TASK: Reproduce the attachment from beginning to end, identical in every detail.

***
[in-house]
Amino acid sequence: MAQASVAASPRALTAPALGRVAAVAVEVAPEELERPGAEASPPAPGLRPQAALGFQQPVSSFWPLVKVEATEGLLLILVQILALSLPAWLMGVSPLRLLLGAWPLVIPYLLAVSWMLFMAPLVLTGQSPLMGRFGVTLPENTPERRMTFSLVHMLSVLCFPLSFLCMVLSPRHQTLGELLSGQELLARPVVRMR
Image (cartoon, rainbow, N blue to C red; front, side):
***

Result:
[in-house]
Amino acid sequence: MAQASVAASPRALTAPALGRVAAVAVEVAPEELERPGAEASPPAPGLRPQAALGFQQPVSSFWPLVKVEATEGLLLILVQILALSLPAWLMGVSPLRLLLGAWPLVIPYLLAVSWMLFMAPLVLTGQSPLMGRFGVTLPENTPERRMTFSLVHMLSVLCFPLSFLCMVLSPRHQTLGELLSGQELLARPVVRMR
Image (cartoon, rainbow, N blue to C red; front, side):